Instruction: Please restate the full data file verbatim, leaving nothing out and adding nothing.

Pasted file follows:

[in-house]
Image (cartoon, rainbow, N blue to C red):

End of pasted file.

[in-house]
Image (cartoon, rainbow, N blue to C red):